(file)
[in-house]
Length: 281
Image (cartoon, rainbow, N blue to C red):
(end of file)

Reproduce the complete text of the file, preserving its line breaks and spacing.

[in-house]
Length: 281
Image (cartoon, rainbow, N blue to C red):